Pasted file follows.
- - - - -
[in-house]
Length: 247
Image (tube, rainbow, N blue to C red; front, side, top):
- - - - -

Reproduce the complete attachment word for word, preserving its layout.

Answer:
[in-house]
Length: 247
Image (tube, rainbow, N blue to C red; front, side, top):